Kiara Lee-Heart: Merging community and scholarly work

After living in Charlottesville, SOE alum was ready for a school “immersed in a city environment.”

Kiara Lee-Heart (Ph.D. ‘19) is a native of Richmond, Virginia. She earned her bachelor's degree from the University of Richmond, her master’s degree from the University of Virginia’s Curry School of Education, and her Ph.D. in Education, Concentration in Curriculum, Culture and Change from the VCU School of Education. She has a deep research interest in colorism education and has been engaged in the Richmond community for many years. A passionate writer, Lee-Heart teaches first-year students writing and critical thinking skills in VCU's Department of Focused Inquiry.

Headshot of VCU School of Education alumna Kiara Lee-Heart (Ph.D. '19).
Kiara Lee-Heart (Ph.D. '19) (Courtesy Photo)

What originally drew you to the field of education?

I didn’t initially plan on entering the field of education. When I was a child, I wanted to become a medical doctor. Then, I got to my undergrad alma mater, University of Richmond, and fell in love with the field of sociology. Switching my major from pre-med sciences to sociology and serving in the Richmond community as a Bonner Scholar, a civic engagement-based scholarship program, helped to open my eyes to social issues, particularly those involving race, access and education. After getting my bachelor’s degree in sociology, this interest led me to pursue my master’s degree in education (with a focus in Social Foundations) from University of Virginia. There, I first learned and took part in research about the educational theories that connected to the issues I was exposed to in the community, including critical race theory and culturally relative pedagogy.

Did anyone inspire you to pursue study in this field?

Dr. Derrick Alridge, my advisor at U.Va., was the one who encouraged me to pursue my Ph.D. because of my passion for writing, research and education. Finally, after we had several talks about it, I did my research and decided pursuing a doctorate in education would be my next move. I thank him for instilling in me the confidence to believe a Ph.D. was a possibility for me. There was also a defining moment at a minority recognition ceremony I attended while I was a U.Va. student. Seeing so many Black students who looked like me graduating with Ph.D.s being recognized put a tear in my eye; it also solidified my next move.

Why VCU SOE for your Ph.D.?

As a Richmond native, I was always intrigued by VCU – from its location smack dab in the middle of the city to its focus on social issues unique to the city of Richmond. To add, after living in Charlottesville for a few years, I was ready to come back to my hometown and interested in experiencing a school more immersed in a city environment.

“When your ‘work’ is what you’re truly passionate about, it won’t feel as much like work.”

What impressed you most about the Ph.D. in Curriculum, Culture & Change program?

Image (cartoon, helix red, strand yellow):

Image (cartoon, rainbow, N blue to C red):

The Curriculum, Culture and Change program was my first choice Ph.D. program during my application process. With my sociology background, the program’s focus on foundations and social justice really resonated with me. In the program, I was able to incorporate my own community work with my scholarly work.

Any tips for students who are considering study in this program?

Yes, I have three tips for students considering study in the Curriculum, Culture and Change program.

  1. Incorporate what you’re truly passionate about in your studies. From response papers to your dissertation. When your “work” is what you’re truly passionate about, it won’t feel as much like work.
  2. While incorporating your passion is important, at the same time, being open to inspiration is key. You will be inspired by so much along your Ph.D. journey. Be open to it, and the way it may enhance the passions you came into the program with.
  3. Be patient. Let your work evolve throughout the program, especially through the dissertation process.

When did you first develop an interest in writing?

I’ve been writing poems since I was a little girl. I was 9 years old with a little poetry notebook under my bed; shortly after, I became a writer for the middle school newspaper. From there, I wrote for The Collegian, University of Richmond’s newspaper. As a writer at Richmond, I often wrote about social issues, exposing an overwhelmingly-upper middle class student body to the plight of those without, the discrimination often faced by service workers on campus, issues of race and more. It was through this platform where I found my voice and its purpose – to shed light on societal issues. Shortly after, I self-published two children’s books – “Light-Skinned, Dark-Skinned or In-Between?” which focuses on colorism and “Be a Man Tyrone: What Happens When Daddy Goes to Prison,” which focuses on the effects of parental incarceration. While I was a student in the CCC Program, I started writing for Teaching Tolerance. A few of my pieces on Teaching Tolerance include “’Why Keisha Can’t Write:’ The Marginalization of Black Student Writing;” “A Crooked Seat at the Table: Black and Alone in an Honors Class;” and “Pandemic Pedagogy: A Call to Educators to Bring Their Classrooms to Reality.” I also still write poems like “We Can’t Sleep,” dedicated to Breonna Taylor, on my professional blog,